Back in the day - when radio DJs spun vinyl discs on turntables and were key reasons listeners were attracted to specific radio stations, creative and interested program directors often tried to understand what their listeners liked musically. There were no texts or emails in those days, but request lines and record sales were a good indicator of active listeners' tastes.
In those days that process worked quite well.
Today, programmers of radio stations have much more sophisticated methods of determining tastes in music. Research is more sophisticated. All hail to electronic media, the internet and digital music consumption.
Yet adoption by programmers of the most promising of today's technologies - on-demand music streaming - is very slow.
Why is this?
Comfort = Caution.
I've spoken with hundreds of programmers of music stations in the last twelve months about on-demand streaming. Almost all are excited about the promise of streaming data yet only a small group of forward-thinking programmers are using the data and using it properly. This is a group of programmers whose stations more accurately reflect their listeners' tastes.
There are concerns about the data which I will address in another blog, but in a nutshell the concerns lie with programmers' comfort with the tools they have been using for years: telephone call-out research, auditorium music testing or newer platforms such as Shazam, M-Score and others.
Does it matter to Top 40 programmers that the new Meghan Trainor song "Dear Future Husband" has been one of the most-streamed titles over the last three weeks yet radio has it charted below number 50 this week?
Or to Country programmers, that Luke Bryan's new song "Games" is the hottest Country song streamed over the past three weeks but on the radio charts it's hovering in the 40s?
Are Classic Hits programmers aware that Guns n Roses' "Sweet Child of Mine", "Never Gonna Give You Up" by Rick Astley and "Hooked on a Feeling" by Blue Swede continue to rank in the top 20 most-streamed songs by their audience on-demand?
This is powerful stuff.
And it is very responsive to the real world. When songs become exposed and popularized through TV, movies or commercials the ones that count appear on streaming research giving programmers the chance to mirror interest more quickly than ever before.
According to Nielsen, over 80 percent of music consumption today occurs on-line. That's a convincing statistic in anyone's book for near ubiquity. Yet, the only data that truly reflects this significant consumption of music - on-demand streaming - is not used effectively to reflect tastes in today's popular music.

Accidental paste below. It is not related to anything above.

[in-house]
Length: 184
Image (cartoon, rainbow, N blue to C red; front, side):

As discussed in another Bridge Ratings blog, "How On-demand music streaming helps radio programmers", on-demand streaming data indicates that true music consumption today varies from the way radio presents music.
And broadcast radio has a wonderful opportunity - today - to reflect its Unique Purpose in 2015.
Careful attention to and interpretation of on-demand streaming data are at the nucleus of radio's Unique Purpose in 2015.
There are hidden gems in weekly streaming research that confirm radio's long-held purpose of playing the hits and now on-demand data not only shows what the hits are and how long they truly hold consumers' interest, but it also can easily lead to knowing what new songs to play and how often to play them.
A better indicator than CD sales or even digital downloads, on-demand streaming gets to the root of quantifying song appeal. If a music listener invests time in selecting and listening to songs on-demand, there is legitimate cause to believe they want to hear it.
And on-demand streamies who also listen to music radio (80+ percent) also like to hear the songs they stream on the radio and count on radio to curate songs that may interest them on other platforms.
One final realization that has come from over a year of studying on-demand streaming metrics: If music radio programmers were to follow the path that this new, important research is providing, their stations will sound more relevant, fresher, stronger and more fun to listen to,
Programmers: if your station's unique purpose is to truly reflect your listeners' tastes, go down this path, study the consumption of your listeners through on-demand streaming and reflect it back to the masses.
It's an exciting time. Technology has given us a gift.
You may need to put away some old things (call-out or auditorium testing) but this new thing is the greatest new tool in your competitive arsenal and for now your competitor may be too comfortable to be using it.
Dave Van Dyke
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